The German noun Verzicht– the title of the most recent concern of Austrian journal Wespennest– is untranslatable into English except with a gerund: foregoing, abstaining, eschewing, doing without. What gets lost is the universal sense of the German: the English foregoing is always transitive, and hence relative. Verzicht, on the other hand, needs no item, and even disdains one: it is a moral act in itself, for the sake of something much better, greater.
Though the term is ubiquitous, its political usage is ambiguous. As Wespennest editor Andrea Zederbauer composes, attract forego can legitimize inequality. Throughout the pandemic, particularly, doing without is relative; eschewing something– materialism, state, or cultural life– assumes one has an option. More typically, political leaders strenuously avoid the term, considering that requiring abstaining or self-sacrifice is a vote-loser.
In any case, doing without is what we have actually all got used to over the previous 2 years and, by all accounts, will need to get used to in the future.
The best word for refugees?
One anecdote, which provides the piece its title, poignantly explains Abdullahs loss. Before leaving, he tells his mom that he will be back prior to the grapes on his households vineyard have ripened. A year later on, when he has actually still not returned, he asks his mom to make jam with the grapes and bury the jar where starving people would not find it. 3 days later on, the vineyard was bombed. The jam container survived, and his mom fled to Lebanon.
Syrian grapes, Jabbar Abdullahs story of getting away Assad, communicates this concept powerfully. The archaeologist and curator remembers the moment he rejected his dads belief that foregoing liberty was a patriotic responsibility. To spare his family retributions, he ran away Syria, living in Egypt and Bulgaria before showing up in Germany. There he moved from one lodging to another, each with the exact same metal beds, connected with his fellow refugees through a typical story, a common destination and a sense of having actually lost ones name.
I for that reason think twice to refer to their loss as “foregoing”, because that constantly implies a mindful and voluntary decision. “Foregoing” recommends that there was an alternative, for the sake of something else. From a long-term historic viewpoint, however, foregoing fails to adequately communicate the measurement of loss.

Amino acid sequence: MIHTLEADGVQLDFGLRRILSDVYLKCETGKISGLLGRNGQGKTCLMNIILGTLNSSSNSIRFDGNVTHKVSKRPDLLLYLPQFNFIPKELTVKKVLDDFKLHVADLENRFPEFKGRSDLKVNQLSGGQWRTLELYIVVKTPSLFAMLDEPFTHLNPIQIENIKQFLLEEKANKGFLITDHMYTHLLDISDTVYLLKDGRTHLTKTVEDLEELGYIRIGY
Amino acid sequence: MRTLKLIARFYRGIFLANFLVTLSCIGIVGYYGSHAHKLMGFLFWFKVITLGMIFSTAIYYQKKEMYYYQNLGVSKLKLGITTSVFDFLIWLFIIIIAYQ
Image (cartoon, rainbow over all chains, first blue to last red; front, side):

There is the concern of whether foregoing can be recommended– can there be such thing as an uncontrolled act of uniformity? Under other situations, loss would be better. Refugees experience life far from house more as bereavement than as abstaining, writes Andreas Kossert, author of a prizewinning human history of refugees.
Austerity for the many
Agnes Handwerks resumé of the financial disputes around austerity ends with a description of the situation for workers of the German department store chain Karstadt. For the previous couple of years, they had been voluntarily renouncing a part of their wages in order to retain their tasks. Then, last year, Karstadt was purchased by Austrian property speculator René Benko, who instantly closed half of the shops, which of course depend on prime inner-city areas.
For the workers of Karstadt, like the rest of those in the bottom third of the earnings scale disallowed from home ownership, the austerity-defying zero-interest policies of the ECB have no benefit at all
This post is part of the 1/2022 Eurozine evaluation. Click on this link to sign up for our weekly newsletter to get updates on reviews and our most current publishing.
The German noun Verzicht– the title of the latest concern of Austrian journal Wespennest– is untranslatable into English except with a gerund: foregoing, abstaining, shunning, doing without. What gets lost is the universal sense of the German: the English foregoing is always transitive, and hence relative. I for that reason hesitate to refer to their loss as “foregoing”, since that constantly indicates a conscious and voluntary choice. “Foregoing” suggests that there was an option, for the sake of something else. From a long-term historic perspective, however, foregoing fails to satisfactorily convey the dimension of loss.